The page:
Europe and European Civilisation as Seen from its Margins and by the Rest of the World, in the Nineteenth and Twentieth Centuries
Edited By Michael Wintle
PART II. FROM TOTALITARIAN EUROPE 49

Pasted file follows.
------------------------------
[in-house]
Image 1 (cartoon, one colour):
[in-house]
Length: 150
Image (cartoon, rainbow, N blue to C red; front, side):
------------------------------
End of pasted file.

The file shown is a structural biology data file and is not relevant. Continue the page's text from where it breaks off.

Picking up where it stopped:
PART II FROM TOTALITARIAN EUROPE 51 CHAPTER 2 Heroes and Merchants Joseph Stalin and the Nations of Europe1 Erik VAN REE Introduction In his Händler und Helden (1915), the German economist and soci- ologist Werner Sombart interpreted the Great War as an existential battle not just between nations, but between cultures and world views. According to Sombart, West European civilisation was based on the ideas of 1789 and on commercial values, which he identified with the Jewish spirit. The typical West European was a merchant, exclusively interested in what life could offer him in terms of goods and comfort. In contrast, Germany was a nation of heroes, who were prepared to sacri- fice themselves for higher ideals.2 Sombart’s book contributed to the radical right-wing tendency of the so-called “Conservative Revolution”. The Conservative Revolutionaries started out as a Romantic, fin de siècle phenomenon. Leading lights such as Oswald Spengler, Arthur Moeller van den Bruck and Ernst Jünger deplored the decline of traditional society based on hierarchy and au- thoritarianism, and were fundamentally opposed to capitalist commer- cialism and the liberal and egalitarian principles of the French Revolu- 1 This is a revised version of an article published in Kritika: Explorations in Russian and Eurasian History, 8/1 (2007). I am grateful to the editors for permission to pub- lish the revised version here. 2 W. Sombart, Händler und Helden. Patriotische Besinnungen, Munich/Leipzig, Duncker & Humblot, 1915; J. Herf, Reactionary Modernism. Technology, Culture, and Politics in Weimar and the Third...
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